“I have always been allergic to considering whether the ‘optics look right’ (is this politically risky?). And ‘creating an echo chamber’ (delivering the same message to a decisionmaker). And ‘communications cascade’ (top-down delivery of info, when front line is told last).”
But I Feel Famous
“‘Verticals’ and ‘reach out.’” [See chart:]
“My favorite was at a startup I worked at, where we hired an overpriced marketing firm to consult. They came in and delivered a PowerPoint presentation about how we needed to put a ‘stake in the ground.’ But they must have thought we were a barbecue service, because they spelled it ‘steak.’”
We Know What You’re Doing
“Bio break. I used to hear my husband’s conference calls and they would say they were taking a bio break and then come back in ten minutes or whatever.”
Should This Count as Cardio?
“‘At the end of the day….’ ‘Net-net.’ ‘Hit the ground running.’ ‘Ramp up.’ ‘Circle back.’ It’s exhausting … like we’re doing calisthenics all day.”
No One Is Just a Person Anymore
“University students as ‘educational consumers.’ This was 10+ years ago when I was an educational consumer, so I shudder to think at what they are called now.”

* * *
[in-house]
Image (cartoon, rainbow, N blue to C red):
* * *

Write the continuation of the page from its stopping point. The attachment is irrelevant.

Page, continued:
Just Go Away and Do My Job, Will You?
‘I just need you to own this’ – [meaning] I haven’t trained or explained well. Stop bothering me with questions. Just go away and do what I want and by the way … don’t get it wrong.”
Fancier Words = More Money
OP: “When the pedestrian ‘pick’ became the high-falutin’ ‘curate.’”
Another user: “I’m a celebrity and boy, do I have some curated @#$% for you to buy.”
Wild Boar Is for Closers
“So much gold here in sales. ‘You guys are the tip of the spear.’ ‘You’re killing the meat and dragging it back to the cave.’ I actually love that one.”
“Any time anything has ‘synergy,’ I think of Jem and the Holograms. I also don’t like when things are ‘synergistic.’ Because that is just silly.”
Good New: You Don’t Need the Things You Need
OP: “Hospital leadership to nurse’s union last summer in response to requests to hire additional nurses to address critically low-staffed units, and inability to grant/cover vacation time: ‘We don’t have a staffing problem, we have a census problem.’ Oh. OK. Those ‘extra patients’ need nurses too, right…?”
Another user: “That counts as a ‘pain point on the patient journey.’”
Finally, It’s the 21st Century. Why Do People Still Say Things Like This at Work?
“Open kimono – hate this phrase so much. Technically it had to do with men loosening their kimono at the end of the day (so relaxing) and references being open/transparent about data especially, it sounds like something else and should never be used again in my opinion. …Also ‘too many Indians in the teepee’ – yeah, no. Anything culturally insensitive or downright racist/sexist needs the boot.”
Image via Imgur user.
Tell Us What You Think
OK, it’s your turn. What’s the worst example of corporate-speak you’ve ever heard? Tell us on Twitter or in the comments.